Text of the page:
Wind Energy as a Source of Renewable Energy
Wind energy is one of the most effective sources of renewable energy that can be harnessed for power generation.
With the world’s population continuing to grow and traditional energy sources becoming more expensive and damaging to the environment, renewable resources such as wind power are becoming increasingly attractive. Wind energy has been used for centuries in various forms, but recent developments in technology are allowing it to become a significant source of sustainable electricity production on a global scale.
The wind is the most abundant source of renewable energy. It’s available in every country, everywhere, at all times, and in many different forms. Coal is expensive as a fossil fuel, and the oil and gas extraction technologies are very energy intensive. Wind power is much cheaper than either of these energy sources and has been for years.
How Wind Energy Works
Wind energy is the most flexible source of renewable energy. Wind turbines can produce it, horizontal axis wind turbines (HAWT) and vertical axis wind turbines (VAWT).
A wind turbine is a simple, inexpensive mechanical device that converts the kinetic energy of the wind into mechanical energy. In the UK, most wind turbines are vertical axis wind turbines (VAWT), which means the turbine spins in the direction of the wind.
While turbines are the most common and most productive type of wind turbine, horizontal axis wind turbines (HAWT) are more efficient. These are relatively new concepts for electricity production and haven’t been widely used. HAWTs spin in the same direction as the wind, but the rotational axis is horizontal. This means that the wind hits the blades and rotates the wind turbine in the same direction as the wind.
Wind turbines and their associated products are very reliable. There are many thousands of wind turbines around the world in all weather conditions. There are still fewer than a hundred wind turbines in the UK that are older than 30 years.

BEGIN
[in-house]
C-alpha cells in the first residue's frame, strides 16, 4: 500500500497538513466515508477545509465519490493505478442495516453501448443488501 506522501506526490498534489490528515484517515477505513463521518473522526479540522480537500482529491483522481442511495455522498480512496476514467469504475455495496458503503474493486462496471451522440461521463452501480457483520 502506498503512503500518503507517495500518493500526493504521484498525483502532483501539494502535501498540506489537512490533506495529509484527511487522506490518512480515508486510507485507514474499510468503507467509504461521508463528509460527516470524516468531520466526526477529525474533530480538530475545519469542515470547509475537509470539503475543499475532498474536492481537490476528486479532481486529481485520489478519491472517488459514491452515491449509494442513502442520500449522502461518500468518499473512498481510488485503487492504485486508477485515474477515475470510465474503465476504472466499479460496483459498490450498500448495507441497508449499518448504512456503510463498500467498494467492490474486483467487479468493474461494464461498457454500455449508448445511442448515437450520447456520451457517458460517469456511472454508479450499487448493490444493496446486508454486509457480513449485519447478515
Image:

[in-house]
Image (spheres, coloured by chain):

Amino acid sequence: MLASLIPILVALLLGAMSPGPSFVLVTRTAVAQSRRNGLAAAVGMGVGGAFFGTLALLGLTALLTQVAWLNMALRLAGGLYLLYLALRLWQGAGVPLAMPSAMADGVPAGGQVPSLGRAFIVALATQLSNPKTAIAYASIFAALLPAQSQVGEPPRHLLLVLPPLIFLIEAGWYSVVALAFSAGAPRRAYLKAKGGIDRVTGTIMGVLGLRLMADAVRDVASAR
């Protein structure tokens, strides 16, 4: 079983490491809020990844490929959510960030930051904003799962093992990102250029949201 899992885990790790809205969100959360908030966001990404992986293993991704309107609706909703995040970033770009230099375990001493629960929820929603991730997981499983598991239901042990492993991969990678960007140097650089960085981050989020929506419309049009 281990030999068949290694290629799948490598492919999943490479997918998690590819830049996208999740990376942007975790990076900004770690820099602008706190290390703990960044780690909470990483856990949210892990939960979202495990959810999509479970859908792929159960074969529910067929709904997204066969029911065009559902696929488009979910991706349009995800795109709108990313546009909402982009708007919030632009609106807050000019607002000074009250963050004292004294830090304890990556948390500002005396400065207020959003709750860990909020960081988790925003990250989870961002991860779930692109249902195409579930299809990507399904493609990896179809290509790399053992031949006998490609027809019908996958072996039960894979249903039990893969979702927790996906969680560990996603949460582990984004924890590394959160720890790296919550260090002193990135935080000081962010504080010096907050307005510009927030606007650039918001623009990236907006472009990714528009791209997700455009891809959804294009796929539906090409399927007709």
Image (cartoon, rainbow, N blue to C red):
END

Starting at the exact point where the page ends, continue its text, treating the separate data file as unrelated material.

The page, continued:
What are the benefits of wind as a source of renewable energy?
The wind is not carbon-free, but it’s much more carbon-efficient than fossil fuels. In the UK, wind power produces only 0.037kg of carbon per MWh. This compares to fossil fuels that produce 4.0kg of carbon per MWh. In some areas of the world, the carbon advantage of wind can be even greater.
This carbon advantage is the reason wind can be a great renewable source of electricity in an effort to cut carbon emissions. However, there’s a very important caveat that needs to be considered. The cost of extracting the wind power itself can be carbon-intensive and require enormous amounts of energy to complete the process.
The most commonly known advantages of wind power include:
The noise that is produced is at a safe level and is unlikely to cause any problems. The wind is known to reduce noise by 10dB, which means a 10% reduction in wind turbines is equivalent to a 20dB reduction. Wind turbines with larger blades are noisier than those with smaller blades. In addition, the smaller the spacing between turbines, the noisier it is likely to be.
Due to the production of wind as renewable energy, it is seen that there will be no detrimental effects on the environment. In fact, it is likely to contribute to reducing carbon emissions and will therefore be seen as a renewable energy source.
In conclusion, wind energy has become an increasingly important source of renewable energy among countries around the world. With its low cost and zero emissions, it is proving to be an effective tool in mitigating climate change and curbing our reliance on fossil fuels. Moreover, wind energy can be used to provide electricity for businesses, homes, and communities alike in a sustainable manner. As the use of wind energy continues to expand, it has the potential to become a major player in the global energy system.